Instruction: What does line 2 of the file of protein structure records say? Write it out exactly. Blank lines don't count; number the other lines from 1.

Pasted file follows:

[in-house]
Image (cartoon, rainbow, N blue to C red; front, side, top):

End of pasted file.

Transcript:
Image (cartoon, rainbow, N blue to C red; front, side, top):